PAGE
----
Stephanus, Lampe, Donnegan, and Schrevelius recognize that φοιτάω has the quality of raving, or frenzy, but another principal attribute was that of frequently visiting or traveling to a place. It also became associated with going to school, discipleship, and learning. Lampe put a more developmental aspect to it. It was to initially seed doctrine within a community. Schrevelius specifically stated that φοιτάω was a verb referring to a scholar, not a master.

There are also other words that come from the same root that give hints on how to translate εἰσεφοὶτων. Donnegan is especially descriptive of these:

  • φοὶτητήρ one who goes and comes, any place, especially a school. A disciple, learner. One who is frantic (Pg. 1349).

  • φοῖτος roaming about, the wandering of the mind, insanity, also frenzy, that of the frantic votaries of the Bacchus and Cybele (Pg. 1349).

Schrevelius, spells φοὶτητήρ as φοιτητής as one who comes frequently to a master or scholar (Pg. 616).

These definitions give greater confidence in correctly translating the I Corinthians 14:10 catena portion.

The above definitions, plus the context of the Cyril text, demonstrate that εἰσεφοὶτων is considered as a localization of φοιτάω or perhaps intensified. The person is repeatedly going into Churches for the purpose of teaching the doctrines. The above dictionary definitions give the appearance that it was an entry or mid-level position, educating on the doctrines of the Church, but not by a Bishop or a Cardinal.

The English equivalent would be a circuit rider. This was a system devised by the Methodists for clergy to serve more than one congregation at a time. In Cyril’s explanation, the emphasis was on teaching in a circuit where the the Churches were linguistically different, and the base requirement for this person was to be multilingual.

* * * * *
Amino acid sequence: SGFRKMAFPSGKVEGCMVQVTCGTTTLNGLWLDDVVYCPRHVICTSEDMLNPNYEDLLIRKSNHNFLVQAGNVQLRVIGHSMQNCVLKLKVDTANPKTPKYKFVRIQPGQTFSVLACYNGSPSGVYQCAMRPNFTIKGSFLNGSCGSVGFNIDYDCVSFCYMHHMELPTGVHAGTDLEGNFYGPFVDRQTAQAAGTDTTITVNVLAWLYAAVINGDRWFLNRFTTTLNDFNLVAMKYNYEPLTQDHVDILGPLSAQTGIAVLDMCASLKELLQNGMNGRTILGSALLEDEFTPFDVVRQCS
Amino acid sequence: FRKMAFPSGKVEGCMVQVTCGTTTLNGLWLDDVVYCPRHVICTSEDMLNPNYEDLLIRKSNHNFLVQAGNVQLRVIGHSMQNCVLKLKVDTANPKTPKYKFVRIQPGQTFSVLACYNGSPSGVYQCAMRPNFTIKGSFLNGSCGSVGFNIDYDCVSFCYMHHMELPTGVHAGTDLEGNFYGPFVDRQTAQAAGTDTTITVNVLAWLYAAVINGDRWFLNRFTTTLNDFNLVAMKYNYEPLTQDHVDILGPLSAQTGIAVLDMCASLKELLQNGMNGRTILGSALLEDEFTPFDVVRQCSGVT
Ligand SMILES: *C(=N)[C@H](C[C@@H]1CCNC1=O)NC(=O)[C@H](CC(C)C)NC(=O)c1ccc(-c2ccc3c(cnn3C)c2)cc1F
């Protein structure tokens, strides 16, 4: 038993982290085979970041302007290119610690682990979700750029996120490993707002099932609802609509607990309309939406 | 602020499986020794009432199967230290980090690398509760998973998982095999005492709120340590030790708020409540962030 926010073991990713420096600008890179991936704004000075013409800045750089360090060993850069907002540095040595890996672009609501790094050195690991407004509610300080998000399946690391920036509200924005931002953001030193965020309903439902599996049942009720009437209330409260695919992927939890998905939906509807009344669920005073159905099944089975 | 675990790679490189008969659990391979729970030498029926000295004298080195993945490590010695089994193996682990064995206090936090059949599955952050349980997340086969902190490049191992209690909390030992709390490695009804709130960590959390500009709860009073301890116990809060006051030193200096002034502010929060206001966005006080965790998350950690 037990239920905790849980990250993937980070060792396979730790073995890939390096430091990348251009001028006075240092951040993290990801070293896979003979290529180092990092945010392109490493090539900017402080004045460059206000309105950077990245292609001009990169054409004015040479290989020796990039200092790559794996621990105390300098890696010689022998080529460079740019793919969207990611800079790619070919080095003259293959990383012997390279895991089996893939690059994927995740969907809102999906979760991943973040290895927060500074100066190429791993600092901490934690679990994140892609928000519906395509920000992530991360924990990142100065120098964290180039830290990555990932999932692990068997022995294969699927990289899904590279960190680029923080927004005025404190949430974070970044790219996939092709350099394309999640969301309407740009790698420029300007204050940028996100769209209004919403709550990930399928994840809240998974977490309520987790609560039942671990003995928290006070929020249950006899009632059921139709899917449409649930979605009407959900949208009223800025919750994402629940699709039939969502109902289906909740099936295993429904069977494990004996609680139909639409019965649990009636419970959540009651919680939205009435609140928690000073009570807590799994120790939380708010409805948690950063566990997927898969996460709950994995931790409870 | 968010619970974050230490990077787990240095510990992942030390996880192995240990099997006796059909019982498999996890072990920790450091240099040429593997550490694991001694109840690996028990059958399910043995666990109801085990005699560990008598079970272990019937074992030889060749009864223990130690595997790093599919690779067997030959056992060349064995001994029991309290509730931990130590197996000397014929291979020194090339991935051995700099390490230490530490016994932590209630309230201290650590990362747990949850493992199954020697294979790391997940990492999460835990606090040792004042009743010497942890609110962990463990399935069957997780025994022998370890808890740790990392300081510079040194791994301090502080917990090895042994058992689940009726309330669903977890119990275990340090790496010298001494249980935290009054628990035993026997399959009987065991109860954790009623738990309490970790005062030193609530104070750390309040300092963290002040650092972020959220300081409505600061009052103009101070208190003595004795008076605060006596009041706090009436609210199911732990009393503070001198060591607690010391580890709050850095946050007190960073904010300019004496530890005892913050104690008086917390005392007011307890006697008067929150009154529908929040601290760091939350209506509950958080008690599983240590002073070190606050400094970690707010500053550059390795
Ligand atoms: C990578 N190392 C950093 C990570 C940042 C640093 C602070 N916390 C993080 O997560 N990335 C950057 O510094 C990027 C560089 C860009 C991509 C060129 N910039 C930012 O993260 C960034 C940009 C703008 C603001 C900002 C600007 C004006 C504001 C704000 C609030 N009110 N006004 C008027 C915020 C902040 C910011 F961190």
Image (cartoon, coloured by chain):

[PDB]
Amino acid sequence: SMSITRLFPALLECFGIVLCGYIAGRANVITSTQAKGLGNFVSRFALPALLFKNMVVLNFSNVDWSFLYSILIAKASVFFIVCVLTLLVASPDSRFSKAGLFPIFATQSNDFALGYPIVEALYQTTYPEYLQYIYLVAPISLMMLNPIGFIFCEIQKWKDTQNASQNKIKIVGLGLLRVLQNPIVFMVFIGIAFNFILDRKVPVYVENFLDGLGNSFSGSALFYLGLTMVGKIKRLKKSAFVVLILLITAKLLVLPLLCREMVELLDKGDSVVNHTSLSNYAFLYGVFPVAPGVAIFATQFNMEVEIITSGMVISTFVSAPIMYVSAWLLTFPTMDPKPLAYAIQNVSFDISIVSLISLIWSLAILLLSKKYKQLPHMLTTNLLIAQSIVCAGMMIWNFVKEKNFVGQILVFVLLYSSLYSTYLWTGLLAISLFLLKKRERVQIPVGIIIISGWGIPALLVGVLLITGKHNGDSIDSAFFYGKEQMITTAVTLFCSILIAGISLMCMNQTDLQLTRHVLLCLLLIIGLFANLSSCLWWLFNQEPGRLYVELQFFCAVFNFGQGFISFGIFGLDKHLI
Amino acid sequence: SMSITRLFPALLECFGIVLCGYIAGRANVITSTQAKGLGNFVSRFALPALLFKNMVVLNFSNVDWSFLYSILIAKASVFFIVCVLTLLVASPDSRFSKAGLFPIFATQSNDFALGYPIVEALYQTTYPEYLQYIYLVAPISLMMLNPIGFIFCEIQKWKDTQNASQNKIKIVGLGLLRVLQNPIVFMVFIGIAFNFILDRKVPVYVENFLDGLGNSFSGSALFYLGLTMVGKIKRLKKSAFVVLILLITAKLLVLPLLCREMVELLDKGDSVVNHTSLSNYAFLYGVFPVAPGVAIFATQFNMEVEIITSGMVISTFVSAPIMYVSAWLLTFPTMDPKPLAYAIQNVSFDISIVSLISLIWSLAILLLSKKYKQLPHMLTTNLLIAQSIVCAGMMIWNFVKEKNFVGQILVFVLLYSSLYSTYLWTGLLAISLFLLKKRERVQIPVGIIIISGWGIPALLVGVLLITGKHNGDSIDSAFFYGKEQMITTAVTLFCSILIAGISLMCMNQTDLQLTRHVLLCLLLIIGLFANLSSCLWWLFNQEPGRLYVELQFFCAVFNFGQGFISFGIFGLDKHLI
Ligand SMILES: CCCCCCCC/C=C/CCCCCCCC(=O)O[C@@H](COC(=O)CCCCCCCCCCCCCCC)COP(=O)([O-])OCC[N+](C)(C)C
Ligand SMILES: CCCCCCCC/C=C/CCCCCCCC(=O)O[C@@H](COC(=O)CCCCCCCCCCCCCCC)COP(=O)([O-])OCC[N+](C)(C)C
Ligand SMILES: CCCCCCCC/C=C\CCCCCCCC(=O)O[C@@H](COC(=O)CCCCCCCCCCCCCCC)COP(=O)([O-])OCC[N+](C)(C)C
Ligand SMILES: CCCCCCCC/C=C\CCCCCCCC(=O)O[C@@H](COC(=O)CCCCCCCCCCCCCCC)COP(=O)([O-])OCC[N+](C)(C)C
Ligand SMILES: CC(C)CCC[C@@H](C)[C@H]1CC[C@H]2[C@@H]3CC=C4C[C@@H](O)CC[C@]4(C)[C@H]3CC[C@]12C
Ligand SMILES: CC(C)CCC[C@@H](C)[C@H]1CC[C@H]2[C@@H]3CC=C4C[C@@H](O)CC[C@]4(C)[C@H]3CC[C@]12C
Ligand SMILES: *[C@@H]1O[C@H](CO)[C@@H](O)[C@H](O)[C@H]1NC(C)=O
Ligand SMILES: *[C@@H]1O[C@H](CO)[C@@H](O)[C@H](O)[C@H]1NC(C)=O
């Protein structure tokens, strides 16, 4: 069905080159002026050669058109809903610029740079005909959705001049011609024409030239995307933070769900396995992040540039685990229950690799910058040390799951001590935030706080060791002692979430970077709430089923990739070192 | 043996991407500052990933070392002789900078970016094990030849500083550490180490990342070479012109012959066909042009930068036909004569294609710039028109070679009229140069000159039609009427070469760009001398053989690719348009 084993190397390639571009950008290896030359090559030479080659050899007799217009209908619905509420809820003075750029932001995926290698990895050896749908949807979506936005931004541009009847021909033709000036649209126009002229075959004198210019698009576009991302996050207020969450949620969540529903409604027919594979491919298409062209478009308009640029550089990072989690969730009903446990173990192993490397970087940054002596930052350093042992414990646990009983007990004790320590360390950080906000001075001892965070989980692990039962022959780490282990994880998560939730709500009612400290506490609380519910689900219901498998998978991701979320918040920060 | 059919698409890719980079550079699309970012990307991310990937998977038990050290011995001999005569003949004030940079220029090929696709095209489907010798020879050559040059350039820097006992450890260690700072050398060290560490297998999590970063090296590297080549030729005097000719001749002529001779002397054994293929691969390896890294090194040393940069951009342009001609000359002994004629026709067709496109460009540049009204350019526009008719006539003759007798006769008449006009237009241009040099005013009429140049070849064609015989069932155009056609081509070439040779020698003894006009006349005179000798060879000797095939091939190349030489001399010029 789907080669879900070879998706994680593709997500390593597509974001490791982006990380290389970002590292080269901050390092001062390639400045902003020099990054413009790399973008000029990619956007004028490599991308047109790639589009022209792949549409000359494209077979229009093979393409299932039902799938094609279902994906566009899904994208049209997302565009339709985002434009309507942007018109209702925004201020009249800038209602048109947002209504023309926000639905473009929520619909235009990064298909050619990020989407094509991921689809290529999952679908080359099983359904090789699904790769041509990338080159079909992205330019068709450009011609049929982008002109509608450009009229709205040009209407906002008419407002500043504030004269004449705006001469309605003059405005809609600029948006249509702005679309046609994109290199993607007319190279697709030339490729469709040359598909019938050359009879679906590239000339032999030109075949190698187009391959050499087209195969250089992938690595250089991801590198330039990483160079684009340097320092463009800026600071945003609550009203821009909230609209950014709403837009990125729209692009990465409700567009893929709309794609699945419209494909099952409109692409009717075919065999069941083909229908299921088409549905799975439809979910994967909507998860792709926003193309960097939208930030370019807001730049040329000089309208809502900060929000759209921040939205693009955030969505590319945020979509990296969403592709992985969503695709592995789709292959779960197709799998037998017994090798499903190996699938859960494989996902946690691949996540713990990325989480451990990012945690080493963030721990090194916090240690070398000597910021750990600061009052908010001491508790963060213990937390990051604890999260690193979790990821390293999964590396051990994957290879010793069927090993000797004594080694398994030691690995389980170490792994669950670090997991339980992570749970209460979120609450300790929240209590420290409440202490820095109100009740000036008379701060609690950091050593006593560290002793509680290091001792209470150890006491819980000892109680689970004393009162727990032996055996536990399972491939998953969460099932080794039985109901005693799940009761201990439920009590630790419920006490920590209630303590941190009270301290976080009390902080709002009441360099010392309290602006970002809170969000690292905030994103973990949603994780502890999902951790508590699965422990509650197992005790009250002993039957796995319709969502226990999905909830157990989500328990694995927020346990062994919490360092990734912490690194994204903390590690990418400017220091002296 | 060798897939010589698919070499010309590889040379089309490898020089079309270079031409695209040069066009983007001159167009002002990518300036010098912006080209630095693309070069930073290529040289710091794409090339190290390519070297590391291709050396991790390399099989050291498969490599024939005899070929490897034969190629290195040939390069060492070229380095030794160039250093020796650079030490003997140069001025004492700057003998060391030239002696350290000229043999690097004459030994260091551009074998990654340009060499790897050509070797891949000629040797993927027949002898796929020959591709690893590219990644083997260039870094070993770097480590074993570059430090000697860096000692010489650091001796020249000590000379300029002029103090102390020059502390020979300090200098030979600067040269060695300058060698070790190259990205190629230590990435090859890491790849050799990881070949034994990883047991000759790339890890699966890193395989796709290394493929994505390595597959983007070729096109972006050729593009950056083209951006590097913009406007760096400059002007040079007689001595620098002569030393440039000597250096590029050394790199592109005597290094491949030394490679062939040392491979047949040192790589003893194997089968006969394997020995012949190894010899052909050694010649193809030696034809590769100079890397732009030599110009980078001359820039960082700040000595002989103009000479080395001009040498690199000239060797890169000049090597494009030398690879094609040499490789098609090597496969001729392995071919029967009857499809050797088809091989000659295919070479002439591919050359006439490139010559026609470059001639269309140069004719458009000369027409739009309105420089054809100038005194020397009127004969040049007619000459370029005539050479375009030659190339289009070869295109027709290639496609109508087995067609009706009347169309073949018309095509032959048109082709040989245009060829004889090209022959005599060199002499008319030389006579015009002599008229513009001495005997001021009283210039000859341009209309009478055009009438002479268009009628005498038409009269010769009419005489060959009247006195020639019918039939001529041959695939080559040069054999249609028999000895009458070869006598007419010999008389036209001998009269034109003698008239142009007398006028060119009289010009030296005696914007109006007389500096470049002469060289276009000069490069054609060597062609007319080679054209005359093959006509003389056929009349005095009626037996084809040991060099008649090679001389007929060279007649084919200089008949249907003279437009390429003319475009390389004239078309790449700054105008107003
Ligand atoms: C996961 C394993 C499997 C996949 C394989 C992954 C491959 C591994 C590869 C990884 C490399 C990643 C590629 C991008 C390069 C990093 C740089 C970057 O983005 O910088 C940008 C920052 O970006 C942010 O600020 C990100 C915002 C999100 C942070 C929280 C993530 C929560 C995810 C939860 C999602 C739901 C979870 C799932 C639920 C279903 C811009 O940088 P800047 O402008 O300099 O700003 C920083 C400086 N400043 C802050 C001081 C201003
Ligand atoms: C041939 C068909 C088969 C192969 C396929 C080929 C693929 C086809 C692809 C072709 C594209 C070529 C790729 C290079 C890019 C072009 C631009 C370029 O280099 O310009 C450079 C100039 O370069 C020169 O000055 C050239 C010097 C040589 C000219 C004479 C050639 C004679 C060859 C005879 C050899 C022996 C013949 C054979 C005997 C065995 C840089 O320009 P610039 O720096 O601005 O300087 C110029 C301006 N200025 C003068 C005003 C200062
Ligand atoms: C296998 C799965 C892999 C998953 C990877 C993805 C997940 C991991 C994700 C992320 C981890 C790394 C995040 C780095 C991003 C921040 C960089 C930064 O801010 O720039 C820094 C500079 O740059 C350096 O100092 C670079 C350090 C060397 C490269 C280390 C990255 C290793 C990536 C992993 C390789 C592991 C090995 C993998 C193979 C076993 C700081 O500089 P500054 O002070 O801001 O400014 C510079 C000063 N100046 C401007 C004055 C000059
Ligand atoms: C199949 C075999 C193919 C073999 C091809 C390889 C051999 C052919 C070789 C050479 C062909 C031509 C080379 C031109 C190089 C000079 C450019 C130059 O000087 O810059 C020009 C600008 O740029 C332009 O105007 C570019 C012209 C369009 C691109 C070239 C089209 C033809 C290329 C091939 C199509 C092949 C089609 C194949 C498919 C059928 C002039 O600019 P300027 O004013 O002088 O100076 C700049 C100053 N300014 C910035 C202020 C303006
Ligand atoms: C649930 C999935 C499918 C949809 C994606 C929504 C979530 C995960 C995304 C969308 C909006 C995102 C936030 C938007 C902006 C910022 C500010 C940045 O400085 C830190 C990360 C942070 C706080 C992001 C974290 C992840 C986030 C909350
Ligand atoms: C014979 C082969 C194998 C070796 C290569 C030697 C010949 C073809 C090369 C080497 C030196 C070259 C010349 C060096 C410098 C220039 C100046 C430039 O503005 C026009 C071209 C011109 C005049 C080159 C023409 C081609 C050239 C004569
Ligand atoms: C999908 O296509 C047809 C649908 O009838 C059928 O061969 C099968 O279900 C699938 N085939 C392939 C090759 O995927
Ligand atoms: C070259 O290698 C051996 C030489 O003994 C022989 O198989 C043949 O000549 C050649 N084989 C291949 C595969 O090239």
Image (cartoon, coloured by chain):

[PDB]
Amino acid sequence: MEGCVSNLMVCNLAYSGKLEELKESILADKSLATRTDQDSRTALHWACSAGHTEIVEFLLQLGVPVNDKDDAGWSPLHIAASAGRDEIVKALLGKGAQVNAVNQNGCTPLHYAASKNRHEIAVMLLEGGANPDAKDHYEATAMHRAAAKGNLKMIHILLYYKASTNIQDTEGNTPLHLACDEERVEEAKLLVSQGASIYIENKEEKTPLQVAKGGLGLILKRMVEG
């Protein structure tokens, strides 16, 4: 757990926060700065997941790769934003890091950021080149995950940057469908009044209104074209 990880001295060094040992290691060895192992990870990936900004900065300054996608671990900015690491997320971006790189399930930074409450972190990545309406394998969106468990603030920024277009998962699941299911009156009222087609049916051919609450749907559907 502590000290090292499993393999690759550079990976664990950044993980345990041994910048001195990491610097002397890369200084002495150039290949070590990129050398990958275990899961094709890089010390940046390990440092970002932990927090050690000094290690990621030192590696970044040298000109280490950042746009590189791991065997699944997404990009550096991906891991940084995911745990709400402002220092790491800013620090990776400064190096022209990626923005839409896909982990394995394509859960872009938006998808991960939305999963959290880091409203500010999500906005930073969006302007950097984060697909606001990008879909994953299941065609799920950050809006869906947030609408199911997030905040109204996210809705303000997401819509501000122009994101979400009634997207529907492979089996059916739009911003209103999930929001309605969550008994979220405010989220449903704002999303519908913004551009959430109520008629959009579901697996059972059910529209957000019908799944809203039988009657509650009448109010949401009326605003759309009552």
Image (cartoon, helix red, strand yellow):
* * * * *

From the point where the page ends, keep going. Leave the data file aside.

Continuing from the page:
The second term that is used to describe tongues-speaking was κεχρῆσθαι. This is not an exclusive term used by Cyril but one shared by Origen. This one has a wide semantic range. Perseus defines it as to furnish what is needful, to declare, pronounce, proclaim. In the passive it is to be translated as: to be declared, proclaimed by an oracle, to consult a god or oracle, to inquire of a god. It hasn’t really changed. In the instance of this catena, to proclaim was used, but this may be too weak. “To prophecy,” in the traditional religious sense, would be more suited, but this word now carries a number of contemporary meanings that would mislead many readers.

The verb ἐρεύγεσθαι is another unique word. Its root is ἐρεύγομαι: to belch out, bellow, or roar. Hence, to loudly utter, as in a public display, or simplified, to utter, is a good English word choice.

Μανθάνοντος. This present active participle masc. gen. sg form of μανθάνω was used in the Septuagint and also by Origen. One of the dictionaries defines it as: learn, especially by study but also by practice, learn by heart, acquire a habit of, and in past tenses, to be accustomed to, perceive, remark, notice, understand. Hence it is not a supernatural phenomenon, in this context of I Corinthians 14:10 people hearing a language that they have learned or is their principle language.

It is clear from the text that the standard Greek words that were used for the Bacchus Greek prophets in the past, had evolved and changed into Christian definitions. The past history of the word was known and understood, but fell out of popular usage.

Charles A. Sullivan

Charles A. Sullivan

Charles Sullivan is a researcher and writer on topics of textual criticism, linguistics, theology, Christian mysticism and philosophy. He also frequently likes to delve into contemporary social and ethical issues from a faith perspective.
Charles A. Sullivan